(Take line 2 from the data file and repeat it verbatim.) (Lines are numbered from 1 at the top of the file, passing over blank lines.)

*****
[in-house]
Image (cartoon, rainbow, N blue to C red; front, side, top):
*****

Image (cartoon, rainbow, N blue to C red; front, side, top):